The concept of cleanliness, extermination and sterilization is killing us...not the things that we are trying to exterminate, clean and sterilize. Obsessive cleaninliness in our life or in the garden, and trying to force nature into our own sense of beauty is an insanity quite similar to people who might wish to cut out their own perfectly good heart to replace it with a man-made version because the heart they were born with doesn't aesthetically suite their liking.

There's a famous saying, "A place for every tool, every tool in its place." Which could be better phrased as "everything has its' place." We humans have yet to understand that everything...every plant, every animal, insect and bacteria and microbe has a valued purpose, even if some of us don't like it...we all have to learn to live with with each other, not just other humans, but all the earth's life forms.

The sooner we figure this out, and start living our lives in this way...the sooner we will achieve peace, harmony and sustainability.

If anything needs to be exterminated, it's the concept of fear and insecurity which leads to humans living in competition with nature (of which we are all a part of).

Anonymous said...

I know its all been said before

and its clear both sides are firmly entrenched with their dogma

but yes weeds do exist
and a good number of them are garden plants incl the early suite of promoted permaculture plants

im sitting in the middle here in the weed war
and it clear that not all weeds are created equal

That invasive species exist is not i believe a matter of belief, but a demonstrated fact

what is less well understood is how ecosystems function
and the honesty with ourselves to make long lasting decisions about the kind of world humanity might best inhabit

Tim lows 'new nature' is an excellent introduction to the state of affairs in australia

we are stuck at a place in time, where the change has already begun, but theres still time to make some choices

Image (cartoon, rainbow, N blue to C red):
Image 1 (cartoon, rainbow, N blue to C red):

about being somewhere on the continuum between biodiversity and a new world age, the homogocene

we must confront and moderate our own actions. to be cautious while we still dont understand the implications.
we have to confront our cultural inheritance, to see if its still the best way to travel forward.
many times we are too quick to bring in a well known species, when we really dont undertand yet the dynamics of the place we are at, esp with semi-wild and wild species.

we also have to come to grips with our preconceptions of nature.
Australia where i live is not a wild continent, its an overgrown garden. Such is the case with teh rest of the world too
we are just waking up from the 20the century myopia to he realisation that much of the world has been under intensive human pressures for 30 to 120 000 years, particularly by fire
and that the landscapes encountred by european colonists were not wild, butr highly managed, and alot what is out there now is 200 years of unmanaged regrowth

many species have sufferred or gone extinct as a result of the cessation of aboriginal land management
It is becoming apparent that having been so fundamentally involved in shaping the world
now we are indeed essential to its current state of abundance
and not as is sometimes said, not to be missed
if we did disappear whole suites of domestic and semidomesticated species would disappear or be radically endangered

pieceing back together what was will be forensic ecology
deciding where to go next - is political

so lets try to understand
lets not be 'weed deniers'
lets acknowledge we acted wrongly in the past
and endeavour to be among the first to integrate leading edge ecological findings
and lets choose the lesser risks wherever we can

Unknown said...

I would say that there are plants that fit in niches. They might fit better or out compete with what you are hoping to grow in a particular location, but they are weeds only to your perception.